12 Ways Your Phone is Changing You by Tony Reinke
My rating: 5 of 5 stars
The best way to summarize this book is probably to let the author do it.
In the last twelve chapters, I have warned against twelve corresponding ways in which smartphones are changing us and undermining our spiritual health:
– Our phones amplify our addiction to distractions (chapter 1), and thereby splinter our perception of our place in time (12).
– Our phones push us to evade the limits of embodiment (2) and thereby cause us to treat one another harshly (11).
– Our phones feed our craving for immediate approval (3) and promise to hedge against our fears of missing out (10).
– Our phones undermine key literary skills (4) and, because of our lack of discipline, make it increasingly difficult for us to identify ultimate meaning (9).
– Our phones offer us a buffet of produced media (5) and tempt us to indulge in visual vices (8).
– Our phones overtake and distort our identity (6) and tempt us toward unhealthy isolation and loneliness (7).
Sounds pretty dire. But Reinke is, at heart, a technophile, not a technophobe; and he doesn’t conclude from these dangers that every Christian needs to smash his smartphone. He offers positive practices in place of the negative.
Along the way, I have also attempted to commend twelve life disciplines we need to preserve our spiritual health in this smartphone age:
– We minimize unnecessary distractions in life to hear form God (chapter 1) and to find our place in God’s unfolding history (12).
– We embrace our flesh-and-blood embodiment (2) and handle one another with grace and gentleness (11).
– We aim at God’s ultimate approval (3) and find that, in Christ, we have no ultimate regrets to fear (10).
– We treasure the gift of literacy (4) and prioritize God’s Word (9).
– We listen to God’s voice in creation (5) and find a fountain of delight in the unseen Christ (8).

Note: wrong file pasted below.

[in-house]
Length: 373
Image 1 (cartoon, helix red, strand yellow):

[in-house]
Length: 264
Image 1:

– We treasure Christ to be molded into his image (6) and seek to serve the legitimate needs of our neighbors (7).
A few more thoughts:
One question that really stuck out to me, toward the end of the book: do I deserve to spend time on social media trivialities right now? Sobering.
Another question Reinke pressed on me helpfully is one I have to ask all the time, especially in my line of work as a professional blogger: do I have an unhealthy interest in validation-through-social-shares? That one’s tough when your job description involves increasing social shares.
Chapter 11 was really excellent, about slander and “outrage porn.”
In an age when anyone with a smart phone can publish dirt on anyone else, we must know that spreading antagonistic messages online with the intent of provoking hostility without any desire for resolution is what the world calls “trolling,” and the New Testament calls “slander.”
I sometimes wonder how much of our society’s public worry (and public kvetching) over the dangers of technology will seem quaint to our great grandchildren—like those who worried around the turn of the 20th century that people wouldn’t be able to breathe if cars exceeded 10 miles per hour, because the air would be rushing by too fast. But we’re not our grandkids. We’re us. I can’t shake the feeling that the world really has changed, that the Internet has amplified our fallenness more than it has increased our virtue. The overall tone of Reinke’s book is one of gentle warning and instruction, and I think that’s perfectly appropriate.
This is definitely my new go-to book for wisdom on the use of consumer technology. (Dyer’s From the Garden to the City is a good complement to it.)
The reader in the Christian Audio production was smooth and serviceable, though (to be a little too frank?) a little too much like a male version of Siri for my tastes. This book called for reading with a little more feeling, a little more homiletical intensity. But I was able to go triple speed (is that ironic?) and understand perfectly.
I got this book for free for review purposes from Christian Audio, but they attached no strings to my opinions.